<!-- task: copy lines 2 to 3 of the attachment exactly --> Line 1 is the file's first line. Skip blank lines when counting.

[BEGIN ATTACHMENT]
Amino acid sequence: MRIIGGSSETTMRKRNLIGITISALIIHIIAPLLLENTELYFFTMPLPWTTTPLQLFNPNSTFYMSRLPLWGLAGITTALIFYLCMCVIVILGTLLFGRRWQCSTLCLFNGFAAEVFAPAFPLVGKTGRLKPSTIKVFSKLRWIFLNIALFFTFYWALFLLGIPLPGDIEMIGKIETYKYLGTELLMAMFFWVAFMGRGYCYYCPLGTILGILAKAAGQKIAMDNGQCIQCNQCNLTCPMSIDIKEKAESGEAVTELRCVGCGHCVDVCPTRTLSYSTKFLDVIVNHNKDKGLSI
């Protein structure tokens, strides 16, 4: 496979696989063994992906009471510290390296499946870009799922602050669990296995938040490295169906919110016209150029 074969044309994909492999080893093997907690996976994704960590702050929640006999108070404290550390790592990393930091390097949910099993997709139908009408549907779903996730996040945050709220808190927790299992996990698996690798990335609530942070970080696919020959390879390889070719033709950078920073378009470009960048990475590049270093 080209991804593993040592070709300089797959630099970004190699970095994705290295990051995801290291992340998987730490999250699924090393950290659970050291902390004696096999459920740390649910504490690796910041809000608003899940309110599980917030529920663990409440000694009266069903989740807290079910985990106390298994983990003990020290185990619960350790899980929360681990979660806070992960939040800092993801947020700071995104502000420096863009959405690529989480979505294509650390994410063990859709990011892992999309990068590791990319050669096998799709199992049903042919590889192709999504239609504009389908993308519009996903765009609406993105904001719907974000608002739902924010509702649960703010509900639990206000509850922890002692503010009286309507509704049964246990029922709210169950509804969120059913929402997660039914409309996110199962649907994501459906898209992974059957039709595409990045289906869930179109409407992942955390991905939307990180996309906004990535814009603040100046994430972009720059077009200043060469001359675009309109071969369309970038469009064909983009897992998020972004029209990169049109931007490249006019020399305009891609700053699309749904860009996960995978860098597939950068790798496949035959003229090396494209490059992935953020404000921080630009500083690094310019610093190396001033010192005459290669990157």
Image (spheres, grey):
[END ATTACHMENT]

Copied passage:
């Protein structure tokens, strides 16, 4: 496979696989063994992906009471510290390296499946870009799922602050669990296995938040490295169906919110016209150029 074969044309994909492999080893093997907690996976994704960590702050929640006999108070404290550390790592990393930091390097949910099993997709139908009408549907779903996730996040945050709220808190927790299992996990698996690798990335609530942070970080696919020959390879390889070719033709950078920073378009470009960048990475590049270093 080209991804593993040592070709300089797959630099970004190699970095994705290295990051995801290291992340998987730490999250699924090393950290659970050291902390004696096999459920740390649910504490690796910041809000608003899940309110599980917030529920663990409440000694009266069903989740807290079910985990106390298994983990003990020290185990619960350790899980929360681990979660806070992960939040800092993801947020700071995104502000420096863009959405690529989480979505294509650390994410063990859709990011892992999309990068590791990319050669096998799709199992049903042919590889192709999504239609504009389908993308519009996903765009609406993105904001719907974000608002739902924010509702649960703010509900639990206000509850922890002692503010009286309507509704049964246990029922709210169950509804969120059913929402997660039914409309996110199962649907994501459906898209992974059957039709595409990045289906869930179109409407992942955390991905939307990180996309906004990535814009603040100046994430972009720059077009200043060469001359675009309109071969369309970038469009064909983009897992998020972004029209990169049109931007490249006019020399305009891609700053699309749904860009996960995978860098597939950068790798496949035959003229090396494209490059992935953020404000921080630009500083690094310019610093190396001033010192005459290669990157």
Image (spheres, grey):